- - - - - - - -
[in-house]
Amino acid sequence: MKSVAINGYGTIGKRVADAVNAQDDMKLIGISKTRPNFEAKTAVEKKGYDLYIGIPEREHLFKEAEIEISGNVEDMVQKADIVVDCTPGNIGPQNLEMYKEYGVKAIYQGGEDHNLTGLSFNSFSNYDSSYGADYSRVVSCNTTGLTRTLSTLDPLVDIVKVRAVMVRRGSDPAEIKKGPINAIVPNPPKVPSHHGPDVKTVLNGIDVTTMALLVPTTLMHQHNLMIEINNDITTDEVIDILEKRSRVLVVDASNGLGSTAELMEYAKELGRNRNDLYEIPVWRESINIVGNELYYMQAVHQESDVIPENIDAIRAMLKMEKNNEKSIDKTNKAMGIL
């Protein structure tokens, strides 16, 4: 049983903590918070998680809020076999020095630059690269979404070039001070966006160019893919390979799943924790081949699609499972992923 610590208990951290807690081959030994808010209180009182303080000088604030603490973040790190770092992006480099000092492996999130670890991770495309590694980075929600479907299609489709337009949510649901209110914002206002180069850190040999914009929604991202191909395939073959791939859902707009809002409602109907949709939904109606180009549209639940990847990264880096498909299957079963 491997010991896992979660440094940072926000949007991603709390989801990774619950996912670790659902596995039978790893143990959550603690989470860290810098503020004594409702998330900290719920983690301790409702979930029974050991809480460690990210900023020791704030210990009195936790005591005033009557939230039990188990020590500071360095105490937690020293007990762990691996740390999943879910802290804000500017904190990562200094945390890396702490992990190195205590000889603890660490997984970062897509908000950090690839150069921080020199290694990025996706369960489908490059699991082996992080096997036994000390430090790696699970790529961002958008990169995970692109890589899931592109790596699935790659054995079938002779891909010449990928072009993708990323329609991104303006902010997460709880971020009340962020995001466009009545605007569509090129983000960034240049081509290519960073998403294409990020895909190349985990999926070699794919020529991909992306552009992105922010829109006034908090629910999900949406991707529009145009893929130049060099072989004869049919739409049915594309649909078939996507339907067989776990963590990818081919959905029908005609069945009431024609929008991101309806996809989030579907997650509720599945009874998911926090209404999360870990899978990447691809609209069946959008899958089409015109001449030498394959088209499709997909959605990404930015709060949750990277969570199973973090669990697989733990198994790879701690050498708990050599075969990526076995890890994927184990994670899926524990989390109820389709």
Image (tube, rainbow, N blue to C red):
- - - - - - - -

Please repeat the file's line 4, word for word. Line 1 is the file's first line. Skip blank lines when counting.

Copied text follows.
Image (tube, rainbow, N blue to C red):